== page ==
This case raises several important questions which, we think, should first be addressed by the trial court on the evidence submitted by the parties confronting the law as it has now been developed in Gertz and Firestone. The initial question is, of course, whether Anita Wood Brewer or John Brewer, or both, are public figures within the context of the above referred to Supreme Court cases. An important question relevant to this issue left open by the presently decided cases concerns the extent to which a person who has been a public figure in the past can retreat to private status and obtain the benefit of the lesser standard of proof required for damages for injury from libel.

Once the constitutional standard has been determined, the Mississippi law will then have to be established because it must always be remembered that this is a state cause of action which is affected by the United States Supreme Court decisions only when the state law runs afoul of the Constitution.

Although there might be some merit in our deciding the constitutional questions as they apply to the facts that appear in the record, for guidance of court and counsel on retrial, we think the case can be better handled by remanding to the trial court for its initial determination of all the issues presented in this case. To do otherwise would have us deciding constitutional issues that have never been passed upon by the trial court, nor directly addressed by the parties in the presentation of evidence.

Both parties, of course, seek from us a decision in their favor. The plaintiffs contend that the judge in effect found reckless disregard for the truth by the defendant which would support the jury award for more than compensatory damages whether plaintiffs were public or private figures. But this is a jury case. The evidence is far from being sufficient to justify a directed verdict and defendant is entitled to have a jury, not the judge, resolve the liability and damage issues under proper instructions as to the law. Contrary to the plaintiffs' argument in this Court, the court at the first trial, indeed at the only trial on liability, did not charge the jury to adhere to a standard of liability requiring fault for assessment to compensatory damages. The court only instructed that malice was required for punitive damages.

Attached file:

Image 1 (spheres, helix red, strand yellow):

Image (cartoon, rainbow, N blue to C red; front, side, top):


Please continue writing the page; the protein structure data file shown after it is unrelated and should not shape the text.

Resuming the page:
The defendant, on the other hand, contends that the plaintiffs should be judged by this Court to be public figures. It argues we can determine from the record that defendant is entitled to a judicial decision that the proof does not rise to the constitutional level required of public figures by New York Times. Particularly, defendant argues that the Supreme Court has opened the way for us to make a decision on the question of fault by the following language in Time, Inc. v. Firestone:

The failure to submit the question of fault to the jury does not, of itself establish noncompliance with the constitutional requirements established in Gertz, however. Nothing in the Constitution requires that assessment of fault in a civil case tried in a state court be made by a jury, nor is there any prohibition against such a finding being made in the first instance by an appellate, rather than a trial, court. The First and Fourteenth Amendments do not impose upon the States any limitations as to how, within their own judicial systems, factfinding tasks shall be allocated. If we were satisfied that one of the Florida courts which considered this case had supportably ascertained petitioner was at fault, we would be required to affirm the judgment below.

--- U.S. at ----, 96 S. Ct. at 969, 44 U.S.L.W. at 4266. In the Firestone case, however, the Supreme Court was deciding only the constitutional issue. It held that as a constitutional matter factfinding in the state court system need not be restricted to the trial court. We have the entire case in the federal system before us for review, however, not just constitutional issues. The federal system has long espoused the virtue of having facts first found and fault first established in the trial court.

We, therefore, reverse the judgments entered in both cases, and remand for new trials as to liability and damages.